Malaysia’s Sarawak: Last of the rajahs
The Economist - about 3 years
FEW of Asia’s elected leaders have enjoyed the power of Abdul Taib Mahmud, the chief minister of Sarawak. For 33 years he lorded it over this Malaysian state on the island of Borneo, once densely forested and still rich in oil. Mr Taib was an appropriate successor to generations of the British Brooke family, who ran the territory as their own monarchy for a century from 1841. They were known as the White Rajahs. Their 77-year-old, white-haired modern equivalent, Mr Taib, will officially retire on February 28th, passing the job to a hand-picked successor, Adenan Saten. Mr Taib, though, will probably get another comfortable job himself, retaining much influence.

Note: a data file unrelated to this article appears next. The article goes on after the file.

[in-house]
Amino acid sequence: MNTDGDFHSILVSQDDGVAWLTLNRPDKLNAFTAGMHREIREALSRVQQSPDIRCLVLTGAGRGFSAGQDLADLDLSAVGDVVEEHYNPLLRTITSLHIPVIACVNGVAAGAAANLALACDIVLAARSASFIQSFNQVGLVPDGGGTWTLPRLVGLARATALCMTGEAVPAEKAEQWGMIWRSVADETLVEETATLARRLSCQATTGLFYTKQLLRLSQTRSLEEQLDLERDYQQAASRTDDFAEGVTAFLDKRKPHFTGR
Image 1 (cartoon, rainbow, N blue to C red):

Few have contributed more, for better and for worse, to the course of modern Malaysian history. Mr Taib has played a crucial role in keeping the Barisan Nasional (BN) coalition in power—it has ruled ever since Malaysia won independence from Britain in 1957. The two former British possessions on Borneo, Sabah and Sarawak, join
The Economist article